Urbanisation is inevitably stretching our cities deeper into the ground and higher into the sky. Over the past century, influences of the motor vehicle and the High-Rise form have induced a growing disconnect between dwellers and street life. Although more and more people live in cities, the current High-Rise urban form encourages privatised living. It neglects the pedestrian experience, creates a vertical socio-economic hierarchy, and prompts poor social relations. By integrating pedestrian infrastructure into architecture, growing cities can increase and evenly distribute their public space. Pedways (elevated and subterranean walkways) have been used since at least the 8th - 7th century B.C. However, most of the significant research for this project has come from the past 100 years. Some of these visions have been partially realised in places such as North America and Hong Kong. However, these networks only engage in the lower floors of High-Rises, and often lack the elaborate social intent of the utopian visions. Current networks are constrained by social, political, economic factors. This project critiques previous visions, and investigates more holistic approaches to realising these visions. This project aims to encourage ‘street life’ above and below ground level. It is important to identify the essential elements of ‘a great street’ and to reinterpret these within the High-Rise. The objectives are to enable ’the vertical street’, ’elevated neighbourhoods’, and ‘hybridisation’ throughout the entire building. In doing so, the project strives to remedy social issues resulting from the current High-Rise form. Auckland is an appropriate test site for this topic, as it is in the early stages of dense urban development, and has the current opportunity to integrate pedways into its masterplan - an appropriate response to the accelerating population and the incomplete pedestrian network.

    View record details
  • An investigation of attitudes and underlying beliefs toward low back pain among osteopathy students using the Back Pain Attitudes Questionnaire (Back-PAQ)

    Hilbink, Hester (2018)

    Thesis
    Unitec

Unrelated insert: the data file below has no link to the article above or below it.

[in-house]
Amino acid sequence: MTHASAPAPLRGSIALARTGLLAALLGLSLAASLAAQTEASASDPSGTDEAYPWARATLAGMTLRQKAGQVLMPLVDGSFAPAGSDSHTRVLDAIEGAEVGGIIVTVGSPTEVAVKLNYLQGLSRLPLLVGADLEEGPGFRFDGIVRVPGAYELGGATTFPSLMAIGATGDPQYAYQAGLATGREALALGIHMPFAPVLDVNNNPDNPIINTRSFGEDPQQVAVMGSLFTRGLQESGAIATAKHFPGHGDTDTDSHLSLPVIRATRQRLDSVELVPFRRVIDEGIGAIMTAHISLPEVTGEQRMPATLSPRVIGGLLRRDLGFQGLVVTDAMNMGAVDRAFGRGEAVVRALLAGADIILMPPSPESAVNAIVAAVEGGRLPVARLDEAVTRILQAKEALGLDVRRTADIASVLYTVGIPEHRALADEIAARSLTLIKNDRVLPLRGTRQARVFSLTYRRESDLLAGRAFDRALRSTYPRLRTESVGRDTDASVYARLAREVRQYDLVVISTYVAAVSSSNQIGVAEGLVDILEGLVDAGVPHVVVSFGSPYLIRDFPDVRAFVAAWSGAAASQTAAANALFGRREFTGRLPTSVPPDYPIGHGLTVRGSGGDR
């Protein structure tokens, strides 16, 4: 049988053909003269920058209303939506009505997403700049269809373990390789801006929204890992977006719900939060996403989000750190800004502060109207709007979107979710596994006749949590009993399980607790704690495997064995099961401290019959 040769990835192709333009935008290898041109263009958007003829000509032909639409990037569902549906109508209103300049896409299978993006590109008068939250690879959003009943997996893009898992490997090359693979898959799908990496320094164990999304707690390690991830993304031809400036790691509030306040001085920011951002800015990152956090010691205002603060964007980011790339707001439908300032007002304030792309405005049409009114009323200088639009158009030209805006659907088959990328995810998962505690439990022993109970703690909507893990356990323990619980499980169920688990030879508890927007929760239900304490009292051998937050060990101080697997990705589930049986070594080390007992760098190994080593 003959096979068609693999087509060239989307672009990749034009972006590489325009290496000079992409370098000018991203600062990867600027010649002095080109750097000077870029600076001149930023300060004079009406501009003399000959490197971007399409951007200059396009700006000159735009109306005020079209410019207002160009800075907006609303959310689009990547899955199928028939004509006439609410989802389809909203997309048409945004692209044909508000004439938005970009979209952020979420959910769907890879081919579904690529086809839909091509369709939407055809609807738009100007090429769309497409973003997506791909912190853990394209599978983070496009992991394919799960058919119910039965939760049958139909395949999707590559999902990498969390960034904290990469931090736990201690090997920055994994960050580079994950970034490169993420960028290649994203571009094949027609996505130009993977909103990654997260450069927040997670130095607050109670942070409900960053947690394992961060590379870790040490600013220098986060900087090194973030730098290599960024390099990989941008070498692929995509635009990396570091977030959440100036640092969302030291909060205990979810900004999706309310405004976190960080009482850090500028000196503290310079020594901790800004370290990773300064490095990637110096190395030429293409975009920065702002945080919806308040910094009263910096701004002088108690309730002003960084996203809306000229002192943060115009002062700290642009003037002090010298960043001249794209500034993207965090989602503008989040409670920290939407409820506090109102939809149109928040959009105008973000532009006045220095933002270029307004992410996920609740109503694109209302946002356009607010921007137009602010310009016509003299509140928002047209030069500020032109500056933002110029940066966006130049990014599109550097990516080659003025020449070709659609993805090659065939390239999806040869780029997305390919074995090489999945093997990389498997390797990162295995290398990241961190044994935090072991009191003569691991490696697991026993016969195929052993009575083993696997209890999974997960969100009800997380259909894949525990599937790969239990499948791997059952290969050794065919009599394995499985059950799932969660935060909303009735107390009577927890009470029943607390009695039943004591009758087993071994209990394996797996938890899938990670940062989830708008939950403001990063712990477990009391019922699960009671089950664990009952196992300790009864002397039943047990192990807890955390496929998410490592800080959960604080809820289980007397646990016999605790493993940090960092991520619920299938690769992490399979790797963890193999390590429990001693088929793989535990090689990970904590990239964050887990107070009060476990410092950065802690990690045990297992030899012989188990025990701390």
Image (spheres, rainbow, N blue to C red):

BACKGROUND: Chronic low back pain (LBP) is considered one of the most disabling health conditions worldwide. There is overwhelming evidence that psychosocial factors are important risk factors in the development and maintenance of chronic LBP. It appears that healthcare practitioners’ attitudes and beliefs regarding LBP can significantly influence the views of their patients. AIMS: To identify common LBP attitudes and belief orientations of New Zealand osteopathy students. The secondary aim was to investigate psychometric properties of the tool, the Back Pain Attitudes Questionnaire (Back-PAQ) which has had limited prior testing. Methods: An online cross-sectional survey was conducted that included basic demographic information, the Health Care Providers’ Pain and Impairment Relationship Scale (HC-PAIRS) and the Back Pain Attitudes Questionnaire (Back-PAQ). Students marked on a Likert scale how strongly they agreed or disagreed with each item in the questionnaire. The convergent validity and internal consistency of the Back-PAQ was also evaluated against the HC-PAIRS. In total 83 students participated in this study. RESULTS: The median Back-PAQ and HC-PAIRS scores for students across all year levels were 6.5 and 46.0 respectively. Median Back-PAQ scores for Year 1 and 2 students were 10.0 and for Year 4 and 5 students’ 17.0. Third year students’ scored 11. Scores for the HC-PAIRS for Year 1 and 2 students were 54.0, Year 3 students scored 50 and for Year 4 and 5 students were 35.0. The Back-PAQ had ‘good’ internal consistency (α= 0.88) and acceptable convergent validity (Pearson’s r = - 0.77, P value <0.001) when measured against the HCPAIRS. CONCLUSIONS: Overall, osteopathy students hold less than optimal attitudes and beliefs about the back, and back pain that are not in line with best practice guidelines. However, the study revealed promising results in that students in their final 2 years of study scored significantly more favourably than Year 1 and 2 students. The new tool Back-PAQ showed promising results for clinical application whereby good internal consistency and acceptable convergent validity were found.